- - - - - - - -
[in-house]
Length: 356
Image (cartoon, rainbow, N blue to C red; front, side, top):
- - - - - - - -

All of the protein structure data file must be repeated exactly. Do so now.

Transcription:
[in-house]
Length: 356
Image (cartoon, rainbow, N blue to C red; front, side, top):